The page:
At Lafayette, the autism cluster program isn't the only unique program. The school also has daily after-school music instruction and an orchestra, and at least 25 of its participants have IEPs. It was unclear as this article was being written where the orchestra will continue if the current student body is split between different schools.
It's also unclear how students with IEPs would be able to continue to participate in this activity if Lafayette's general education and special education students are divided between two schools. An important way for students with disabilities to be a part of their community--and an important right--is having access to after-school programs that other students enjoy. "They are taking away the only thing that gives them hope," said Vega. "Students feel betrayed."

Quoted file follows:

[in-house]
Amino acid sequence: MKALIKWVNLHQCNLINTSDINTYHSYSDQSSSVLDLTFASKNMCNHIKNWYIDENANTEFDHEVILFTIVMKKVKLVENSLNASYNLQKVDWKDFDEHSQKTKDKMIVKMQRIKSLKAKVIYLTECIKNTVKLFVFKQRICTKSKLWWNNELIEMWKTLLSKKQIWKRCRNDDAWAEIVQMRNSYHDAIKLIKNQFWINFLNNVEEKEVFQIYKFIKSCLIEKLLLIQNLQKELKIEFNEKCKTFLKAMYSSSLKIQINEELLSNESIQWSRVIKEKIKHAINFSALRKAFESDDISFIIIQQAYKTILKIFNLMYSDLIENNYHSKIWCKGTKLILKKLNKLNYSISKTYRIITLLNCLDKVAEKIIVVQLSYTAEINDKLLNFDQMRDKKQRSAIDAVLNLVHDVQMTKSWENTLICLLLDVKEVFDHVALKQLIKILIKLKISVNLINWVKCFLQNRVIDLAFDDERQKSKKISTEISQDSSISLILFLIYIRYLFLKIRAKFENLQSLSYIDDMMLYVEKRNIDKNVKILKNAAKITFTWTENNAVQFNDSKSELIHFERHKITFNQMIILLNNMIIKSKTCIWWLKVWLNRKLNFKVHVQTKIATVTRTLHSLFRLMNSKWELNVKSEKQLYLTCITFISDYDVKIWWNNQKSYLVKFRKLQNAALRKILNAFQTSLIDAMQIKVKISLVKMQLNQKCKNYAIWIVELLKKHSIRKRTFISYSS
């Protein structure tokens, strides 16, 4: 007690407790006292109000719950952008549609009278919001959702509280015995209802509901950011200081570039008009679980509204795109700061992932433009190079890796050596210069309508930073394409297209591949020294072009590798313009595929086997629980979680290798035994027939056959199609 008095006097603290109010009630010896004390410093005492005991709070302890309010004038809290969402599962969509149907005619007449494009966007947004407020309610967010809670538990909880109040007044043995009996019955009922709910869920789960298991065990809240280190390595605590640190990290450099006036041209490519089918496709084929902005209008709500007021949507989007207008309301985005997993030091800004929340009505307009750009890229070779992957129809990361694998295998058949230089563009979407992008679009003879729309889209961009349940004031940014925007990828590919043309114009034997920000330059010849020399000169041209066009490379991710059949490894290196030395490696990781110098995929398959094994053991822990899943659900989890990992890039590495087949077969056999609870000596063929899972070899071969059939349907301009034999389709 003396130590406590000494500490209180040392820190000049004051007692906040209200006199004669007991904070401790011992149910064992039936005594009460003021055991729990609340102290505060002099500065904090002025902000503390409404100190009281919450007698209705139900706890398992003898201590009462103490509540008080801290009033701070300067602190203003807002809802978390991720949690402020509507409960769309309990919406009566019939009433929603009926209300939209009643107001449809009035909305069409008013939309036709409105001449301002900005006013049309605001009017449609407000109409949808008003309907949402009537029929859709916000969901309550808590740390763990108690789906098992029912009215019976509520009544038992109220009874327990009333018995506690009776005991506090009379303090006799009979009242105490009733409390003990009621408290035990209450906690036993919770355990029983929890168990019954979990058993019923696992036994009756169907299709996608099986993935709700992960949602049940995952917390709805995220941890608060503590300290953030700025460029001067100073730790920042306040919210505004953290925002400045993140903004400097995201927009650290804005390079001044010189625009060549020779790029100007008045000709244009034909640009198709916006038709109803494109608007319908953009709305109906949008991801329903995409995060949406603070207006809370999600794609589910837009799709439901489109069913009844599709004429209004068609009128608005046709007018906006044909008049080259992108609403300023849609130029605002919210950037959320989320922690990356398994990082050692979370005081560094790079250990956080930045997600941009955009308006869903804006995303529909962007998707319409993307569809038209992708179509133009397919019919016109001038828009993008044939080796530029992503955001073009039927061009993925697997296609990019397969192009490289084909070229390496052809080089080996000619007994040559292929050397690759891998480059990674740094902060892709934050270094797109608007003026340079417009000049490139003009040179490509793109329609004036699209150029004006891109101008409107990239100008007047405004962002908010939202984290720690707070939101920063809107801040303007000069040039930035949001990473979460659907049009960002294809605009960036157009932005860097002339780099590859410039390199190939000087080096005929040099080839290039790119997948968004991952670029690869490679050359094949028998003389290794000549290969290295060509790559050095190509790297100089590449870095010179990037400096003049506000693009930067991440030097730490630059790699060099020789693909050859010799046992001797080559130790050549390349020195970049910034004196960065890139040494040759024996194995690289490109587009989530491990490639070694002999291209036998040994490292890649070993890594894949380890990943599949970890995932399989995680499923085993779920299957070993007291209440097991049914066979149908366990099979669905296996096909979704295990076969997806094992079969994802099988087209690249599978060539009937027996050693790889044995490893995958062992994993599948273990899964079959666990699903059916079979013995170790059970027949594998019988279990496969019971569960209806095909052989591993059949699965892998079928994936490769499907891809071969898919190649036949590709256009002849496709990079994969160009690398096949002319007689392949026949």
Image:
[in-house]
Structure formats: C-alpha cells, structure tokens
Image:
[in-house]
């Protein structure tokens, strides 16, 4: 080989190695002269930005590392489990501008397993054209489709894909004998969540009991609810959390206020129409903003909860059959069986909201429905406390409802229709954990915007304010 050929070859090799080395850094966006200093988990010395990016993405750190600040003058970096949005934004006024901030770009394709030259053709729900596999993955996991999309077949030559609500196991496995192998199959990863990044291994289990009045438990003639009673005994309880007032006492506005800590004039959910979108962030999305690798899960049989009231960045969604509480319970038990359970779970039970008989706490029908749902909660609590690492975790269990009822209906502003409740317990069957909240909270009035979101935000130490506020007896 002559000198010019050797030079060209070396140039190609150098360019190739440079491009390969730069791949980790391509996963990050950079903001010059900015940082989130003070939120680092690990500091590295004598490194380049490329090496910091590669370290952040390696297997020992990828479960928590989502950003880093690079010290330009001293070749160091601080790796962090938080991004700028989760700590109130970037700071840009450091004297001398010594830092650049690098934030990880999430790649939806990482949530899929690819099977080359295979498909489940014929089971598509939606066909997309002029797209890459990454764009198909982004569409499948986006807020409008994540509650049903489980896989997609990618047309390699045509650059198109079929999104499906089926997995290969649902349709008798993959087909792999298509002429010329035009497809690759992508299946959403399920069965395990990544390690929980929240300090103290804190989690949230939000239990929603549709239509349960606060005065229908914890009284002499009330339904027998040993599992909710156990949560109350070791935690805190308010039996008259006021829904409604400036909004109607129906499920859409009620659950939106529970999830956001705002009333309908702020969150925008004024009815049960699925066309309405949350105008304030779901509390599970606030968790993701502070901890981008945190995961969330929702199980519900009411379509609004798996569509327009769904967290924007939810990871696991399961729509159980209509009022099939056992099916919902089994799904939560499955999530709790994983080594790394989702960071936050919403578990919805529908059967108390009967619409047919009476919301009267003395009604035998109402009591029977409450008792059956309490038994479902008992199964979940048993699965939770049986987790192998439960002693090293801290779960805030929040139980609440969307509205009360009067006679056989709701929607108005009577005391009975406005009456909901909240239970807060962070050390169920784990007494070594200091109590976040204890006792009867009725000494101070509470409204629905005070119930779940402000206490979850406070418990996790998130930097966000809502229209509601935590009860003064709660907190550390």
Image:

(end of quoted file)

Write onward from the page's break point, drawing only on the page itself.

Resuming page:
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ANOTHER CHARGE made against CPS is that the 50 school closings leave it in breach of the Individuals with Disabilities Education Act (IDEA). According to the parents' lawsuit, "In many cases at Chicago public schools, the IEP is devised and written based on the resources of the particular school or school building, rather than the child's actual needs."
To explain what this means, Kristine Mayle gives the example of a special needs child who requires a self-contained classroom, but the school doesn't have one. The principal will ask the teacher to revise the IEP. Another example is when a child is mainstreamed in a general classroom when it is inappropriate, or vice versa.
Valerie Nelson is concerned about special needs students who are runners or physically aggressive at times. Next year's staff might be unfamiliar with the children's different behaviors, so Nelson worries that the kids will be isolated or segregated from the general school community.
When parent Florence Nuez heard that Trumbull might close, she figured that her son Jake might at least get the opportunity to attend Chappell Elementary, a Level 1 school, meaning that it has a high academic standing. Chappell is known to have one of the best special education programs in the city.